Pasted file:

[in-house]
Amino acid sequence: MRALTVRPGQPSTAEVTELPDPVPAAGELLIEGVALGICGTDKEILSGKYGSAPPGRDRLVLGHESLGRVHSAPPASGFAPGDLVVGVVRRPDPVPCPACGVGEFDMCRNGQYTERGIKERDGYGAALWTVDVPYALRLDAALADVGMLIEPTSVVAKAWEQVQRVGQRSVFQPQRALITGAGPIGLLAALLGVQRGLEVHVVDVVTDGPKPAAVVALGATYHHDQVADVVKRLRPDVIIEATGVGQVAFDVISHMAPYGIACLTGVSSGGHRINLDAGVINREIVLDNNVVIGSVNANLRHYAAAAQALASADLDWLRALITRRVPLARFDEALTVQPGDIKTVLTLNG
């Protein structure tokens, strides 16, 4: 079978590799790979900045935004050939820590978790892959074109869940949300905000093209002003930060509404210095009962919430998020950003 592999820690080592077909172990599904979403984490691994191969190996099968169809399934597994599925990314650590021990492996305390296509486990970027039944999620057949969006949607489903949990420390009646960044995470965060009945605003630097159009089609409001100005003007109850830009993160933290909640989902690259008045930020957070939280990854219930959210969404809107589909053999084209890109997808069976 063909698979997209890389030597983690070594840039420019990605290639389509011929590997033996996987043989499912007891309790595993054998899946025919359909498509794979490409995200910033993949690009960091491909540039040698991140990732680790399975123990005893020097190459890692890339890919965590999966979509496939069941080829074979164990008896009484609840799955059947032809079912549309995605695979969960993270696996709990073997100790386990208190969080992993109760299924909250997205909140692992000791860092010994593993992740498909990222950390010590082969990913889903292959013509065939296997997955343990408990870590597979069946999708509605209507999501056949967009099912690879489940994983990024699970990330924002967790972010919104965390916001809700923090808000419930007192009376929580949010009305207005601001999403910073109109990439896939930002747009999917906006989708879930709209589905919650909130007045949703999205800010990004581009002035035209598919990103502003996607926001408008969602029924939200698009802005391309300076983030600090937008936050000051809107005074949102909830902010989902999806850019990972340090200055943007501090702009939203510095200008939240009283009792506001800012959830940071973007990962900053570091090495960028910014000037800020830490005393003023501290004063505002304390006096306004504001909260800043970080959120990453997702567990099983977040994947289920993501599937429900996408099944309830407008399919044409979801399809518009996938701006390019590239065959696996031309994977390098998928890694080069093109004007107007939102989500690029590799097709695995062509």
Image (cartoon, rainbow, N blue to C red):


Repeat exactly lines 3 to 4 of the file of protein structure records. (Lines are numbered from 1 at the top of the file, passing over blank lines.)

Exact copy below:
């Protein structure tokens, strides 16, 4: 079978590799790979900045935004050939820590978790892959074109869940949300905000093209002003930060509404210095009962919430998020950003 592999820690080592077909172990599904979403984490691994191969190996099968169809399934597994599925990314650590021990492996305390296509486990970027039944999620057949969006949607489903949990420390009646960044995470965060009945605003630097159009089609409001100005003007109850830009993160933290909640989902690259008045930020957070939280990854219930959210969404809107589909053999084209890109997808069976 063909698979997209890389030597983690070594840039420019990605290639389509011929590997033996996987043989499912007891309790595993054998899946025919359909498509794979490409995200910033993949690009960091491909540039040698991140990732680790399975123990005893020097190459890692890339890919965590999966979509496939069941080829074979164990008896009484609840799955059947032809079912549309995605695979969960993270696996709990073997100790386990208190969080992993109760299924909250997205909140692992000791860092010994593993992740498909990222950390010590082969990913889903292959013509065939296997997955343990408990870590597979069946999708509605209507999501056949967009099912690879489940994983990024699970990330924002967790972010919104965390916001809700923090808000419930007192009376929580949010009305207005601001999403910073109109990439896939930002747009999917906006989708879930709209589905919650909130007045949703999205800010990004581009002035035209598919990103502003996607926001408008969602029924939200698009802005391309300076983030600090937008936050000051809107005074949102909830902010989902999806850019990972340090200055943007501090702009939203510095200008939240009283009792506001800012959830940071973007990962900053570091090495960028910014000037800020830490005393003023501290004063505002304390006096306004504001909260800043970080959120990453997702567990099983977040994947289920993501599937429900996408099944309830407008399919044409979801399809518009996938701006390019590239065959696996031309994977390098998928890694080069093109004007107007939102989500690029590799097709695995062509």
Image (cartoon, rainbow, N blue to C red):